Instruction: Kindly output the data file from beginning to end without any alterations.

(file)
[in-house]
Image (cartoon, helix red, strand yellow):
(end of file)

[in-house]
Image (cartoon, helix red, strand yellow):